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A Murder Is Announced

Agatha Christie adapted for the stage by Leslie Darbon
Ian Dickens Productions
The Haymarket Basingstoke

A Murder is Announced Credit: Lester McKone
A Murder is Announced Credit: Lester McKone
A Murder is Announce Credit: Lester McKone

Ian Dickens Productions has become a regular visiting theatre company to perform at The Haymarket in Basingstoke and continually produce high quality work of mainly modern theatre such as Alan Ayckbourn’s Season’s Greetings.

This time it’s Agatha Christie’s A Murder is Announced that is lovingly brought to the stage and skilfully directed by Ian Dickens and David North who are blessed with a talented cast.

The scene is set with period music from the likes of the Sydney Torch Orchestra playing “Sleepy Lagoon”, better known as the theme tune to the Radio 4 programme Desert Island Discs.

The curtains open to reveal the quaint country cottage of Little Paddocks with white panelled walls, wood burning stove and dressers filled with twee nick knacks.

It’s the morning of Friday the 13th in the village of Chipping Clegthorn where an advertisement has appeared in the local paper announcing that a murder will take place at 6:30PM in Little Paddocks much to the consternation of the occupants, guests and visitors of this otherwise sleepy hamlet.

Was this a hoax or practical joke or something far more sinister? What follows is a thrilling whodunit, filled with false trails, hidden identities, lies and more twists and turns than a roller coaster ride.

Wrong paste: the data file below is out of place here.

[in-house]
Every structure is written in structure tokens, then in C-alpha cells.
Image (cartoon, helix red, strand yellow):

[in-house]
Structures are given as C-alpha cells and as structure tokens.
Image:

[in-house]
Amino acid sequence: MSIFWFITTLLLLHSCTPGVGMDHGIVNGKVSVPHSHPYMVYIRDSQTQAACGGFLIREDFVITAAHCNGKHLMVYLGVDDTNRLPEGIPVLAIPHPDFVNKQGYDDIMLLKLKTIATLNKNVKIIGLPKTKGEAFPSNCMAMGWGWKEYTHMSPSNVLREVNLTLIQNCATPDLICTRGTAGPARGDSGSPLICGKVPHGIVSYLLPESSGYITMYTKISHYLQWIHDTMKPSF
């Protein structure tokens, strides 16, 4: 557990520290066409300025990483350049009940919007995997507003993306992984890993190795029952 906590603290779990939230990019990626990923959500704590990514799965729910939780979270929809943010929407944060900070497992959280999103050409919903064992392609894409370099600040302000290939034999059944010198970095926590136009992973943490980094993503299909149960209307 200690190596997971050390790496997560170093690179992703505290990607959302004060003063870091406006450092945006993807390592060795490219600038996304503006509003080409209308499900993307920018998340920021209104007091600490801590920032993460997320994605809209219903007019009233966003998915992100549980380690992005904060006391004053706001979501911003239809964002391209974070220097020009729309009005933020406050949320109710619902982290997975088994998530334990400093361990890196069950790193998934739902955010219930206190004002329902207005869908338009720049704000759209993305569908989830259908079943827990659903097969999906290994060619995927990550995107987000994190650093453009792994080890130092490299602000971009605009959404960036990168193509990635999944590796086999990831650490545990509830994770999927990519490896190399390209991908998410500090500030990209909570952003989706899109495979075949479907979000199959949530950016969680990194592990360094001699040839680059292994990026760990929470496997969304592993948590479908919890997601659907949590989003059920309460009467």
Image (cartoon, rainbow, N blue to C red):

Katy Manning is superb as Lititia Blacklock, the matriarch owner of the house which life-long friend and rather befuddled obsessive companion Bunny, a sterling performance by Claire Fisher, share together.

Also staying is Lettie’s nephew, the charming yet smarmy Patrick Simmons (Dean Gaffney), best known for his eleven years as Robbie Jackson in Eastenders, and her niece, the cynical Julia Simmons (Gemma Bissix) who played Clare Devine in Hollyoaks. Completing the guests is the young widow Phillipa Haymes (Poppy Meadows).

Not forgetting the eccentric amateur-sleuth Miss Marple, a beautifully-crafted performance by Geraldine Newman.

Looking after this disparate group is the volatile foreign maid and cook Mitzi, the delightful Julia Main who’s cooking always has a ‘secret’ ingredient.

As the appointed hour approaches, curious neighbours Mrs Swettenham (Ingrid Evans) and her churlish son Edmund (Mark Martin) arrive and they expectantly wait for the clock to strike.

Bang on cue, the lights flash on and off and then there is darkness whilst we hear three shots. When the lights come on we discover Rudi Scherz (Oliver Blagden) dead on the floor.

Enter the incisive Inspector Craddock, convincingly played by John D Collins, who believes that someone was really out to kill Lottie.

His investigation of the murder explores the social niceties of the era when doors were rarely locked and legacies appeared in wills making you a recipient of a fortune, but he would rather be watching the local football match than trying to solve this puzzle.

Fussing busybody Miss Marple is the thorn in his side, who, when asked whether she, “would like to be a policeman?” replied, “Oh yes but I wasn’t tall enough.” Classic Agatha Christie.

The dénouement comes as an unexpected surprise and the real murderer was…. well how could I give it away?

Reviewer: Robin Strapp